https://www.lotustalk.com/forums/f291...coolant-81955/
https://www.lotustalk.com/forums/f101...06/index2.html

Be patient while following the bleed procedure. I bled the lines several times, and the pump STILL wouldn't circulate coolant to the radiator. This had me thinking that the thermostat was bad (apparently this is even more difficult to replace than the resistor pack!) I finally found a thread instructing me to loosen the bleeder valve on the coolant header. This is not in the service notes BTW. As soon as I did this, voila, the pump began circulating coolant, the radiator became warm, and the engine temps dramatically dropped.

--On to the A/C refill--
At this point, I was finally able to recharge the system with refrigerant. I emptied an oil charge (2oz PAG46 oil + 1oz R134a), and one 12.5oz can of R134a into the system after pulling a vacuum for 30 minutes. At this point the system was pumping out 50F air at about 70F ambient temperature. I thought it should be closer to 40F coming out, so I emptied another 12.5oz can of R134a into the system. After I did this, the temperature coming out of the vents was consistently 48F. I've read in the service notes and on the forums that the system should be charged with 1.2lb to 1.5lb of refrigerant.

Did I put too much in with the second can of R134a? The low pressure gauge reads about 30psi when the A/C is running at full speed, and the high pressure gauge is a little over 200psi. When stopped, the low pressure gauge is at about ambient temperature. From what I've read, this is about normal.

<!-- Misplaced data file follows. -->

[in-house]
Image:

--Now for the heater--
Apparently there is still air in the coolant lines in to the heat exchange box because I get no hot air coming from the vents when the heater is at full. What is the proper way to flush air out of this part of the coolant system? Is is just a matter of driving and periodically bleeding the coolant lines per the normal procedure?


Hopefully I'm about ready to close everything back up and get to driving again! This is by far the most complicated procedure I've ever performed on the Elise, and I couldn't have done it without the help of the people on this forum. You guys are awesome! THANK YOU
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post #79 of 169 (permalink) Old 10-20-2010, 08:57 AM
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--Now for the heater--
Apparently there is still air in the coolant lines in to the heat exchange box because I get no hot air coming from the vents when the heater is at full. What is the proper way to flush air out of this part of the coolant system? Is is just a matter of driving and periodically bleeding the coolant lines per the normal procedure? There are two bleed valves, one on the radiator output hose on the right side and one on the heater return on the left of the engine.

Last edited by SirLotus; 10-20-2010 at 09:09 AM.
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post #80 of 169 (permalink) Old 10-20-2010, 10:10 AM
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I used both valves when bleeding the coolant lines and was able to get a steady stream of coolant out of both. I'm guessing that since the coolant is always flowing through the heater core that I need to bleed more out of the engine bleeder. Will the air eventually make its way out of the heater core and back to this spot? Do I need to pressurise the system for this to happen, or will it naturally work its way there?